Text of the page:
It's Amazing – Tricks with no Tricks
An assembly from the Culham St Gabriel archive
Suitable for Whole School (Pri)
To explore the difference between magic and miracles and the importance of following the right rules in life.
Preparation and materials
- If possible, find a teacher or parent who can perform a simple 'magic' trick and is prepared to show what they did and how the trick works. Alternatively, locate a short clip from a film with amazing special effects, such as Superman flying or humans talking to cartoon characters. Find out how the effects are created so that you can explain them during the assembly. Also, have the equipment required to show the clip during the assembly.
- Familiarize yourself with the story of Moses in Exodus 3 and 4 and the amazing events of the burning bush and the staff that changes into a snake. Read on so you can also talk about the other key points in Moses' story, too, such as the ten plagues, the parting of the Red Sea and the giving of the Ten Commandments.
- Explore the United Nations' Convention on the Rights of the Child (there is more information at: www.unicef.org/crc) so that you can discuss its contents in the 'Time for reflection' part of the assembly.
- If you have been able to arrange it, start the assembly with the demonstration of a magic trick.
Ask the children what they saw, encouraging them to focus on the 'magic' part. What did they think about what they have just seen? Have your 'magician' reveal the secret of the trick.
Alternatively, announce your chosen film clip then show it. Afterwards, explain how the film-makers created the special effects that made what you all saw so amazing.
- Retell the amazing story of Moses in Exodus 3 and 4, how he was sent by God to do his work via a burning bush and a staff, or stick, that changes into a snake.
Explain that, this time, there were no tricks, no 'special effects'. This amazing story has no hidden or secret explanation of how they were achieved.
The amazing part of this story is that it shows us God's power working through Moses and his faith in God. Most of us have not seen such amazing signs, directly telling us what to do for God, but we can learn from Moses' experience to trust and obey God as he did.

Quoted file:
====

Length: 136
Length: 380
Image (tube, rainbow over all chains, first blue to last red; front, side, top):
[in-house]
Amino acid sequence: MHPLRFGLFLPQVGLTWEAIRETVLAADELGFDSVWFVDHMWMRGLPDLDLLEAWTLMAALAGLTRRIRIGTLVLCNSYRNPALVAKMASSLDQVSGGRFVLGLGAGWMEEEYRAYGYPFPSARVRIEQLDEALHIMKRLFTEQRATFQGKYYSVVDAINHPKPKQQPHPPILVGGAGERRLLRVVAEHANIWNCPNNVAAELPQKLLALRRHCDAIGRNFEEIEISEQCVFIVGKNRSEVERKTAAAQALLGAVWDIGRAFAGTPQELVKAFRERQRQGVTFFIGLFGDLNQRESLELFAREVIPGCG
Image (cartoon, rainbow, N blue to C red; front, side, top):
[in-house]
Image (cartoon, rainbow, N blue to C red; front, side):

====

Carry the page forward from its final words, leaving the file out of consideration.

- Ask, 'Why did God use these incredible ways to communicate with Moses?' Encourage the children to tell you what they know about what Moses went on to do and explore the other amazing stories in Exodus that tell of the ten plagues, the parting of the Red Sea and the giving of the Ten Commandments. Moses had an incredible job to do, but it wasn't easy.
- Encourage the children to list the jobs they think Moses had to do that were really important. Ask, 'Would you take on jobs like these with little encouragement or would you need "great signs" like the ones God gave to Moses?'
- Ask, 'Why did Moses agree to do these enormous and difficult jobs?' Elicit from the children examples of when they have been given special responsibilities, such as looking after brothers and sisters, being picked to play for a football team, leading a group or team at Brownies or Cubs, taking on a part in a school production. Ask, 'How did you feel?' Collect the words the children use to describe their experiences.
- Ask, 'Did Moses take on the jobs God gave him because he was scared of God or because he believed and trusted in him?'
Explain that Moses had a decision to make and he could make the right one or the wrong one. For Moses, the right decision was to do what God wanted. As a result of the decision that Moses made, God's people had their own land to live in and rules to follow, so they could learn to live together safely and happily.
Time for reflection
What rules do we need to follow to do the same thing – to live together safely and happily?
For younger children, this could be explored at a class or whole school level, while older children could consider this question at a national or international level.
Do we make the right decisions and abide by these rules? Consider what happens when the rules are broken.
It is good to find out about things before we do them to make sure that we are safe. There are times when choices we have to make can be scary and worrying. Having a faith can be very comforting when making these decisions. God is always with us.
Rules are important – they can help people be happy and safe. For example, the United Nations' Convention on the Rights of the Child outlines the rights every child should have and these have been agreed on by countries all over the world. 'Rights' are like rules that people who govern countries of the world should keep to. If these rules are followed, children – and others – should be kept happy and safe. Are these rights upheld in our lives? Are they upheld for every child in this country or the world?
There are many things in this world that we cannot explain. Some of them are wonderful things, but there are also dreadful things. Try to see God in the goodness of the world and trust him to help us through the difficult and sad times.
Help me to trust.
Let me see your goodness in the beauty of the world and the goodness of my family and friends who surround me.
Help me to question, so that I make careful, good choices in my life.
Help me to have an open heart that is happy to celebrate your love and trust in your help and support when my life is sad, worried or confused.
'He's got the whole world, in his hand' (Come and Praise, 19)
'Can you be sure that the rain will fall?' (Come and Praise, 31)